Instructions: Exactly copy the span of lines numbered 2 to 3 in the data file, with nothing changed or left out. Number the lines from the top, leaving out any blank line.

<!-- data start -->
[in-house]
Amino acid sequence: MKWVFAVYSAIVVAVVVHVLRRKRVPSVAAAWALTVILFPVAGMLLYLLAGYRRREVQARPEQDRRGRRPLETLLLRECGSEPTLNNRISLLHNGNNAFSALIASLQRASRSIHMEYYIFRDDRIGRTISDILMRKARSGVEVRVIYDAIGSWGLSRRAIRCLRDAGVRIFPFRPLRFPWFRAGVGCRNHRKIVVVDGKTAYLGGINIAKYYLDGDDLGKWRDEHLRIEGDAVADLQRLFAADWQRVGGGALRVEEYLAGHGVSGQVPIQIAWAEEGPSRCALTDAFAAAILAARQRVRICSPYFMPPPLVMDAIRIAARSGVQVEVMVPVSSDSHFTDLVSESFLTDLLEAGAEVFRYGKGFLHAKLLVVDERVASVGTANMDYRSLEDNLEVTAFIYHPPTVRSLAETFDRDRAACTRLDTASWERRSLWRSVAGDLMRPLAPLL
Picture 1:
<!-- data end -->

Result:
Amino acid sequence: MKWVFAVYSAIVVAVVVHVLRRKRVPSVAAAWALTVILFPVAGMLLYLLAGYRRREVQARPEQDRRGRRPLETLLLRECGSEPTLNNRISLLHNGNNAFSALIASLQRASRSIHMEYYIFRDDRIGRTISDILMRKARSGVEVRVIYDAIGSWGLSRRAIRCLRDAGVRIFPFRPLRFPWFRAGVGCRNHRKIVVVDGKTAYLGGINIAKYYLDGDDLGKWRDEHLRIEGDAVADLQRLFAADWQRVGGGALRVEEYLAGHGVSGQVPIQIAWAEEGPSRCALTDAFAAAILAARQRVRICSPYFMPPPLVMDAIRIAARSGVQVEVMVPVSSDSHFTDLVSESFLTDLLEAGAEVFRYGKGFLHAKLLVVDERVASVGTANMDYRSLEDNLEVTAFIYHPPTVRSLAETFDRDRAACTRLDTASWERRSLWRSVAGDLMRPLAPLL
Picture 1: